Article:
86 °F Puerto Penasco, MX
August 18, 2019

Capturing the Geminid meteor shower

Geminid-Meteor-Shower-2-1200x800 Capturing the Geminid meteor shower
Manny Sanchez photography

A meteor shower is ideal for this cozy December season. Away from city lights, without the moon brandishing its fullness, the sky becomes a monumental galactic work of Jackson Pollock – colors, lights, constellations and stars crisscrossing the celestial dome, transforming the night into one of the most marvelous natural spectacles.  It’s like having a window into another world, an ensemble of meteors entering the earth’s atmosphere at outstanding speed, which, thanks to friction, ignite and become the iconic falling stars we find ourselves wishing upon.

The Geminid meteor shower is expected to last from Dec. 4th – 16th, with the nights (or rather early hours of the morning) of Dec. 13th and 14th highlighting the most activity and visibility, taking advantage as well of the moon in its first quarter. The Geminid meteor shower consists of moderate speed meteors from a radiant of the Gemini constellation, having been created by the Phaethon asteroid (though this asteroid is thought to be an extinct comet whose particles were ejected centuries ago, which in effect is a very interesting story).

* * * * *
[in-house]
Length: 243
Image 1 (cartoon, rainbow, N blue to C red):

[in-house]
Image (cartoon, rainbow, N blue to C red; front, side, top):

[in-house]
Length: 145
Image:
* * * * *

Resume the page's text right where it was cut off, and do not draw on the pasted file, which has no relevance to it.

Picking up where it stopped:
For many astronomers, the Geminid meteor shower is one of the most spectacular with approximately 120 meteors per hour, a remarkable streak indeed.

So, it would be ideal to be prepared to catch this December show: chairs, blankets, hot drinks, and – thanks to technology – it’s ever easier to capture a memory; sufficing a smartphone with a minimum of 12 megapixels.

The first step is to know where to look, or in this case locating the Gemini constellation at coordinates: right ascension 7h28m, declination +32,2°.  If you’re not sure how to find the constellation, there are plenty of apps out there to help, such Star Walk 2 – which identifies stars, planets and constellations in real time – and Sky Map Devs, which is quite simple, not to mention the app from NASA.

Second step, it’s important to set up a tripod to prevent the camera from moving, and finally to download camera applications to control the ISO (1600 or greater is recommended, though not too much as that can create noise in the image), exposure time (20 to 35 seconds), and aperture (f/28).  This, along with an intervalometer to help take pictures every two to three seconds so as to not lose the precise moment of a falling star (or by using timelapse).  And focus, to infinity and beyond, as leaving the camera in automatic just won’t do.  Some of the recommended apps include PhotoPills and Manual Camera, which are quite complete. Others are Footei Camera, Camera FV, and Nightcap Camera. Choose the best for you, and one that will allow you to make adjustments.

Now, the final step – patience. This is like fishing. Do necessary tests until you’re satisfied with the results. Get everything ready and enjoy the night, and let’s see how it goes.

Away from the lights, several corners across Puerto Peñasco offer ideal spots to enjoy the Geminid meteor shower. From the beach to the desert, be sure to bundle up for this December display of nature.



Leave a Reply

%d bloggers like this: